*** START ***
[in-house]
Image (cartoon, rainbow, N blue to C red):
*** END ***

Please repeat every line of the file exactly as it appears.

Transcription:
[in-house]
Image (cartoon, rainbow, N blue to C red):